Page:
With Karl-Anthony Towns pouring in 56 points for Minnesota in a win over the Atlanta Hawks, Mo Williams’s reign as the Timberwolves’ single-game scoring king came to an end on Wednesday. It lasted 1,170 days, and it never seemed to make much sense in the first place.
Towns’s career night — at least what qualifies for that status in his third season — was just the fourth 50-point game in the 29-season history of the franchise. With a dominant effort that also included 15 rebounds in 41 minutes, Towns almost single-handedly dispatched the Hawks, the Eastern Conference’s cellar dwellers.
Tom Thibodeau, the Timberwolves’ always-understated coach, managed to offer what registered for him as enthusiasm during his postgame news conference.
“It was an unbelievable performance right from the start,” he said. “His activity was tremendous.”
But while Towns, a power forward who still contains huge amounts of potential, is likely to break dozens of franchise records in his career, the single-game scoring mark is unusual in that he broke a Timberwolves record not held by Kevin Garnett.
But as good as Garnett was, he never had a game for Minnesota that topped the 47 points he scored on Jan. 4, 2005. That performance held the top spot in franchise history for more than seven years, but it was eclipsed first by Kevin Love in 2012 — an unsurprising development considering Love’s scoring prowess — and was later exceeded by two players who would seem to have no business at the top of any franchise leader boards.
Deciding which player is less likely to even briefly top Minnesota’s list is a difficult endeavor.
Corey Brewer, a player whose career average at the time was 10 points a game, dropped 51 points in a win over the Houston Rockets. Now with the Oklahoma City Thunder in his 11th season, Brewer has never had 30 points in a game before or since that night.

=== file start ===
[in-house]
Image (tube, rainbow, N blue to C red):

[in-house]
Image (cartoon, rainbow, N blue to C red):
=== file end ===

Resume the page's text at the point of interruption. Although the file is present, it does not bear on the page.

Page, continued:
“I don’t think they knew what to do with him,” Coach Rick Adelman told reporters after Brewer’s record game. “We didn’t know what to do with him, either.”
Williams was not quite as unlikely to be a 50-plus scorer as Brewer was — Williams had two games of 40-plus points before his big game for Minnesota, though it had been nearly six years since the most recent one — but his huge effort came in just his 29th game with the Timberwolves. In all, Williams played just 41 games for Minnesota — 199 fewer than Towns already has — and averaged just 12.2 points a game. The single game accounted for 10.4 percent of the points he scored as a member of the team.
But Williams, who never lacked for confidence, was more than willing to boast about his big game afterward, claiming he had told Pacers guard C.J. Watson he was in such a zone that, “There was nothing you are going to do today, don’t even worry about it.”
Williams and Brewer certainly made for great trivia answers, but Towns is a more suitable single-game scoring leader for the team. Now Towns, the team’s lone healthy All-Star, will have to work to keep his team in the playoff hunt in hopes of ending a postseason drought that stretches all the way back to 2004.
The Timberwolves were as high as No. 3 in the Western Conference when Jimmy Butler was healthy, but since the veteran swingman went down with a knee injury, they have flirted with the draft-lottery zone of the standings. Wednesday’s win, combined with a loss by the Utah Jazz, put them at the No. 7 spot, but just 1.5 games ahead of the Los Angeles Clippers at No. 9.